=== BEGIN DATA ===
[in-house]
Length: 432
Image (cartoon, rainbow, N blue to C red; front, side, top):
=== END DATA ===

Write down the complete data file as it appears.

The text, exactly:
[in-house]
Length: 432
Image (cartoon, rainbow, N blue to C red; front, side, top):